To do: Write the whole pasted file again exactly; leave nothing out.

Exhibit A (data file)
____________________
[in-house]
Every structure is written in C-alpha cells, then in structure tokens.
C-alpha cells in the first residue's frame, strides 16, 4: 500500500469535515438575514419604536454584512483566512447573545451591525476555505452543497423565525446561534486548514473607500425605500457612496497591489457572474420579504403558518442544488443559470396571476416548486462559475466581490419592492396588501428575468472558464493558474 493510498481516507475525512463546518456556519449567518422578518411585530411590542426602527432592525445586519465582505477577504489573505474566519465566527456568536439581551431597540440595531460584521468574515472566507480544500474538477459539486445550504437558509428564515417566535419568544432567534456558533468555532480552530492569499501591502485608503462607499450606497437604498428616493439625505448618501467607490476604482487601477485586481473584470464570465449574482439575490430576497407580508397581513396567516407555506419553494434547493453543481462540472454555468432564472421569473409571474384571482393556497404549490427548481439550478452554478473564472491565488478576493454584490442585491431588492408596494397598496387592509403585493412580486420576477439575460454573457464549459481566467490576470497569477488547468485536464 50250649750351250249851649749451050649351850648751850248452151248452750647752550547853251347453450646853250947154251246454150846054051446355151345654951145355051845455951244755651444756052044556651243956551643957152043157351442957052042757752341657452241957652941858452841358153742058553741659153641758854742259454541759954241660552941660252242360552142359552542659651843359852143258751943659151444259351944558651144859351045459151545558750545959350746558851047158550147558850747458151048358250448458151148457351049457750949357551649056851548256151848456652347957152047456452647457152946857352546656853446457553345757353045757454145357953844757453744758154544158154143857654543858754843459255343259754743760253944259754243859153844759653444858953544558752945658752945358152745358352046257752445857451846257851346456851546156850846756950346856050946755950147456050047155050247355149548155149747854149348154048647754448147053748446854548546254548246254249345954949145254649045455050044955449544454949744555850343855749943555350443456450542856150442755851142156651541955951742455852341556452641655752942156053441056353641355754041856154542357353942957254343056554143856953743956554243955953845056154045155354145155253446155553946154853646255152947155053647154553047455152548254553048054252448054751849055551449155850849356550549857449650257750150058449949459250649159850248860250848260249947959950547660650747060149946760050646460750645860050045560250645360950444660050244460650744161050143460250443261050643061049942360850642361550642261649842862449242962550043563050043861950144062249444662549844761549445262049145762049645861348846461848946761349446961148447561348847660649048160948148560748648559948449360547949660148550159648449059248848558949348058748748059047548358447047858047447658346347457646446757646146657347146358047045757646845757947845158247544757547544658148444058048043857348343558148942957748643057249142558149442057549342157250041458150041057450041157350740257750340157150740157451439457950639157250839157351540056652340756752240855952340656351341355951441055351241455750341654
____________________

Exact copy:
[in-house]
Every structure is written in C-alpha cells, then in structure tokens.
C-alpha cells in the first residue's frame, strides 16, 4: 500500500469535515438575514419604536454584512483566512447573545451591525476555505452543497423565525446561534486548514473607500425605500457612496497591489457572474420579504403558518442544488443559470396571476416548486462559475466581490419592492396588501428575468472558464493558474 493510498481516507475525512463546518456556519449567518422578518411585530411590542426602527432592525445586519465582505477577504489573505474566519465566527456568536439581551431597540440595531460584521468574515472566507480544500474538477459539486445550504437558509428564515417566535419568544432567534456558533468555532480552530492569499501591502485608503462607499450606497437604498428616493439625505448618501467607490476604482487601477485586481473584470464570465449574482439575490430576497407580508397581513396567516407555506419553494434547493453543481462540472454555468432564472421569473409571474384571482393556497404549490427548481439550478452554478473564472491565488478576493454584490442585491431588492408596494397598496387592509403585493412580486420576477439575460454573457464549459481566467490576470497569477488547468485536464 50250649750351250249851649749451050649351850648751850248452151248452750647752550547853251347453450646853250947154251246454150846054051446355151345654951145355051845455951244755651444756052044556651243956551643957152043157351442957052042757752341657452241957652941858452841358153742058553741659153641758854742259454541759954241660552941660252242360552142359552542659651843359852143258751943659151444259351944558651144859351045459151545558750545959350746558851047158550147558850747458151048358250448458151148457351049457750949357551649056851548256151848456652347957152047456452647457152946857352546656853446457553345757353045757454145357953844757453744758154544158154143857654543858754843459255343259754743760253944259754243859153844759653444858953544558752945658752945358152745358352046257752445857451846257851346456851546156850846756950346856050946755950147456050047155050247355149548155149747854149348154048647754448147053748446854548546254548246254249345954949145254649045455050044955449544454949744555850343855749943555350443456450542856150442755851142156651541955951742455852341556452641655752942156053441056353641355754041856154542357353942957254343056554143856953743956554243955953845056154045155354145155253446155553946154853646255152947155053647154553047455152548254553048054252448054751849055551449155850849356550549857449650257750150058449949459250649159850248860250848260249947959950547660650747060149946760050646460750645860050045560250645360950444660050244460650744161050143460250443261050643061049942360850642361550642261649842862449242962550043563050043861950144062249444662549844761549445262049145762049645861348846461848946761349446961148447561348847660649048160948148560748648559948449360547949660148550159648449059248848558949348058748748059047548358447047858047447658346347457646446757646146657347146358047045757646845757947845158247544757547544658148444058048043857348343558148942957748643057249142558149442057549342157250041458150041057450041157350740257750340157150740157451439457950639157250839157351540056652340756752240855952340656351341355951441055351241455750341654